[ G.R. No. 198404, October 14, 2019 ]
MELVIN G. SAN FELIX, PETITIONER, V. CIVIL SERVICE COMMISSION, RESPONDENT.
D E C I S I O N
Challenged in this petition1 is the October 28, 2010 Decision2 and August 11, 2011 Resolution3 of the Court of Appeals (CA) in CA-G.R. CEB SP No. 03560, which affirmed the January 19, 2007 Resolution No. 0701004 and April 28, 2008 Resolution No. 0807805 of the Civil Service Commission (CSC), which found petitioner Melvin G. San Felix (San Felix) guilty of dishonesty and meted him the penalty of dismissal from service together with the accessory penalties of disqualification from reemployment in the government service, cancellation of eligibility, forfeiture of retirement benefits, and bar from taking civil service examination.
On March 8, 2001, the CSC Regional Office No. 6 of Iloilo City charged petitioner San Felix with dishonesty for allegedly conspiring with and allowing another person to take, in his behalf, the Police Officer I Examination held on March 29, 1998.6 The CSC noted that the picture and the signature of San Felix in the application form and the seat plan were not identical with those found in petitioner's Personal Data Sheet (PDS). Thus, the CSC Regional Office No. 6 arrived at the conclusion that San Felix conspired with another person by allowing the latter to impersonate him and take the examination in his behalf, indicating in all the pertinent documents the personal circumstances of San Felix and writing his name and affixing his signature therein.
In his Answer,7 petitioner denied having conspired with another person to impersonate him and take in his behalf the Police Officer I Examination on March 29, 1998. He insisted that he personally took the said examination. He explained that the disparity in the pictures in his application form and in the seat plan with those in the PDS might be due to a mix-up or that his picture was interchanged or replaced with another person's picture.
Thereafter, petitioner filed a Motion to Dismiss8 asserting that by virtue of the ruling in Civil Service Commission v. Court of Appeals,9 the CSC has been divested of its authority and jurisdiction to conduct entrance examination or promotional examination to the members of the Philippine National Police (PNP). In the said case, the Supreme Court ordered the CSC to desist from further conducting any promotional examination for police officers (POs) and senior police officers (SPOs). However, the CSC Regional Office No. 6 of Iloilo City denied10 petitioner's Motion to Dismiss and directed the hearing officer to continue with the formal investigation.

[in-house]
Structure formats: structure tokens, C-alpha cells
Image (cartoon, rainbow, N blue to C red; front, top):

Ruling of the CSC Regional Office
Thus, on July 19, 2004, the CSC Regional Office No. 6 of Iloilo City rendered its Decision11 which found petitioner guilty of dishonesty and meted him the penalty of dismissal with the accessory penalties of disqualification for reemployment in the government service, cancellation of eligibility, forfeiture of retirement benefits, and bar from taking any civil service examination. It found that the picture on the seat plan was in fact different from the picture on petitioner's PDS dated August 26, 1997 and May 2, 1998. Also, petitioner's signature in his PDS was different from the signature affixed in the seat plan. The CSC held that the significant differences in the strokes and general appearances of the two sets of signatures only proved that the two signatures were not written nor signed by one and the same person.
Ruling of the CSC Proper
The CSC issued its January 19, 2007 Resolution No. 07010012 which dismissed petitioner's appeal and affirmed the July 19, 2004 Decision of the CSC Regional Office No. 6 of Iloilo City. It ruled that the decision of the Supreme Court in Civil Service Commission v. Court of Appeals has prospective application. Thus, CSC's acts of administering examination for members of the PNP, prosecuting violations thereof, and issuing Police Officer I eligibility were deemed effective from the time of issuance of CSC Resolution No. 96-5487 on August 26, 1996 until the promulgation of the decision of this Court in Civil Service Commission v. Court of Appeals on September 25, 2001. The CSC Resolution No. 96-5487 enjoyed the presumption of regularity from the time of its issuance until the promulgation of the Supreme Court's decision declaring the said resolution null and void. Hence, the CSC has jurisdiction over the subject incident.